"I missed you so much," Belle said, returning the embrace eagerly. She was so glad to see her father again, alive and well. Nearly well, anyway. His forehead still burned with fever and his cough had not yet gone, but he was alive. Everything else could be dealt with.
"But the Beast!" Maurice demanded and gently pushed her away. "How did you escape?"
Belle sighed, knowing this would be difficult to explain. "I didn't escape, Papa. He let me go."
"That horrible Beast?" Maurice shook his head in disbelief.
"But he's different now, Papa," she insisted. "He's changed somehow. I know it's hard to believe, but he's not the same beast who locked you in the dungeon. He's good and kind, and so unsure of himself." Her mind drifted to just a few hours ago when she had reminded the Beast how to dance. His paws had been shaking, but he had followed her lead just the same.
She couldn't help but recall those wonderful moments spent dancing with the Beast, her heart fluttering as she remembered the feel of his hand around her waist. Belle felt a blush creep into her cheeks as she recalled her spontaneous act of placing her head on his chest as they danced. It had felt so right, so comfortable leaning into his embrace, his heart beating gently in her ear. She would give the world to return to that perfect moment.
"Everything seems to have changed here, too," she added, coming out of her thoughts to look around the familiar cottage that no longer fulfilled her longings of home. "It's as if. . .as if my childhood dreams are no longer what I want."
"It seems to me, Belle," Maurice said, giving her a knowing smile. "That there's been a bit of a change in you, too. You've always been a dreamy thing, even as a child, but now there's a new light in your eyes, as if you've found what you're looking for. If this Beast is really who you say he is, I suppose I'll believe you. I don't understand it, but you've never been wrong before about these sorts of things."
Belle smiled at her father, not sure what he meant by finding what she was looking for, but glad he accepted her defense of the Beast. She was actually surprised she won him over so easily, knowing what the Beast had done to him, but she wasn't about to argue. Before either of them could say another word, a strange rustling came from the satchel Belle had placed at the end of her father's bed. They watched it move and wiggle until it tipped over and burst open, spilling out the magic mirror and Chip along with it.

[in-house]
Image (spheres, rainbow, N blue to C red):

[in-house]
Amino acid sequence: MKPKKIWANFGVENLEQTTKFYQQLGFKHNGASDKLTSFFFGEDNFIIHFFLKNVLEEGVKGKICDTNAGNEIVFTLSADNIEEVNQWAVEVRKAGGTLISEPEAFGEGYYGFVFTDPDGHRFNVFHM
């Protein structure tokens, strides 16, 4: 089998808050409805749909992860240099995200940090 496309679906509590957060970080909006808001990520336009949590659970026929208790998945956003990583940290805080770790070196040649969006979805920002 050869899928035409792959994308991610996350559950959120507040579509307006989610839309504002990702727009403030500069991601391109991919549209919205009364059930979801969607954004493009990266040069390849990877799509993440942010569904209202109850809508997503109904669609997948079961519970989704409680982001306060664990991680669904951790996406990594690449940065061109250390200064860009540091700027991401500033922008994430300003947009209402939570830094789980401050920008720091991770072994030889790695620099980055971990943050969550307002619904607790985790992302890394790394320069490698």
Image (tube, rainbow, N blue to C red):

"Hi!" the little teacup exclaimed once he stopped spinning.
"Oh, a stowaway," Belle laughed as Chip bounced his way up the bed and into Maurice's hands. She was concerned about what Mrs. Potts would do when she saw her son was missing, but Belle couldn't help but think of Chip's presence as the perfect excuse to return to the castle soon.
"Why hello there, little fella. Didn't think I'd see you again," Maurice chuckled. The teacup smiled, but soon put on a very serious face and turned towards Belle. She tried to restrain her laughter since it was evident Chip was trying to look dignified, but it was hard to take the teacup's expression seriously. That is, until he began to speak.
"Belle, why'd you go away? Don't you like us anymore?" Any semblance of a smile was wiped from Belle's face as she tried to think of a response the teacup would understand.
"Oh, Chip, of course I do. It's just that. . ." She was interrupted by a knock at the door. "Now who could that be at this hour?" she wondered out loud. "Stay inside, you two. Especially you, Chip," she directed, terrified what might happen if he was discovered. Chip nodded and hopped onto the nightstand to hide behind the lamp.
Convinced he was out of sight, Belle rose and opened the door to see Monsieur D'Arque standing on the other side. Confused at what this could mean, she tried to keep her voice steady. "May I help you?"
"I've come to collect your father," Monsieur D'Arque informed her easily, as if her father were no more than a rug being taken away.
"My father?" she demanded. What would the owner of the asylum want with her father?
"Don't worry, mademoiselle," he said smoothly sounding more menacing than reassuring. "We'll take good care of him." He moved to motion to a crude, enclosed cart behind him with bars on its windows and doors. Surrounding the cart were many of the villagers, holding torches aloft to illuminate her property with an eerie glow.
"My father's not crazy!" she said angrily, her hands balling into fists in her rage. How dare these villagers come to threaten her and her father! What was the meaning of all this?
"He was raving like a lunatic," Le Fou put in from where he stood at the base of the steps. "We all heard him, didn't we?" His question drew resounding cheers of assent from the crowd and Belle realized what must have happened. Her father probably returned to the village thinking she was locked in the dungeon of a monster's castle. He wanted to save her, but when he inevitably described the Beast. . .well what simple-minded villager could believe such a thing without proof?